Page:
ADVERTISEMENT

Grand Central Terminal: The Centenary. A Look Back in Scientific American's Archives [Slide Show]

The new railroad terminal was heralded as the "Gateway to America's Greatest City" when it opened on February 1, 1913

1 of 10

PANORAMA OF THE GRAND CENTRAL TERMINAL, NEW YORK, 1912:

This drawing (it looks like a photograph, but it’s a  drawing) of the new Grand Central Terminal was drawn for Scientific American by Chicago-based architectural illustrator Jules Guerin. It gives a grand view of the panorama around the new terminal looking north with Park Avenue behind the station.....[ More ]

ADVERTISEMENT CELEBRATING THE NEW TERMINAL, 1912:

The New York Central Lines railroad company had regular train service running between New York and Chicago. Their advertisement shows they wanted to be closely associated with the new railroad terminal and its symbolism of modernity and progress.....[ More ]

CROSS-SECTION DRAWING OF INTERCONNECTIONS, 1912:

You can get a sense of the scale of the soaring ceilings and grand proportions of the building, and also how the different parts of the building were connected with local and regional transport. The building had to accommodate up to 200,000 people a day flowing through it.....[ More ]

CROSS-SECTION DRAWING OF TRAIN AND PEDESTRIAN TRAFFIC, 1912:

The station was designed to be impressive. No less difficult was the sheer scale of the number of people who had to move through the station every day from commuter rail lines and subway lines. In 1947 it was said that 65 million people went through the terminal in one year.....[ More ]

PROSPECTIVE VIEW OF THE GREAT WAITING ROOM, 1912:

European palaces had fancy rooms and chandeliers for their royal families. In the young United States of 1912, the ideals of Progress and Modernity were given the royal treatment with their own impressive rooms.....[ More ]

PROSPECTIVE VIEW OF THE EXPRESS CONCOURSE, 1912:

This noble design for the most important part of the terminal was designed with grand proportions and finished in very expensive Botticino marble. The ceiling was painted with a mural of constellations of stars (you can see the restored version of this ceiling today).....[ More ]

HEROIC SCULPTURE ON THE FAÇADE, 1914:

The sculpture group and the clock on the south side of the building overlooking 42nd Street is almost 50 feet tall. It shows the Roman god Mercury standing between Hercules and Minerva, symbolizing speed, strength and wisdom.....[ More ]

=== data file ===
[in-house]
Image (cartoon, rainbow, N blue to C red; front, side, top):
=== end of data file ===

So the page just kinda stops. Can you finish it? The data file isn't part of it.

THE WORK IN PROGRESS, 1912:

This photograph of the façade--the outside of the new Grand Central Terminal--shows the architectural style of the building (a neoclassical “Beaux Arts” style) as it was still being built.....[ More ]

BUILDING GRAND CENTRAL TERMINAL, 1912:

The old Grand Central Station was still being used by commuters--up to 100,000 every day, so it had to be torn down in small sections over a ten-year period as the new station was being built. This view of the construction site is looking south from 44th street and Vanderbilt Avenue in May 1911.....[ More ]

A RENDERING OF GRAND CENTRAL TERMINAL, 1912:

This color drawing is titled “A Monumental Gateway to America’s Greatest City” and it shows how the new terminal would look when it opened. The new station took ten years to build, and when it opened on February 1, 1913, it was the largest station in the world (it still is).....[ More ]

risk free title graphic

YES! Send me a free issue of Scientific American with no obligation to continue the subscription. If I like it, I will be billed for the one-year subscription.

cover image Subscribe Now
ADVERTISEMENT
ADVERTISEMENT
Share this Article:
Scientific American Back To School

Back to School Sale!

12 Digital Issues + 4 Years of Archive Access just $19.99

Order Now >

X

Email this Article



This function is currently unavailable

X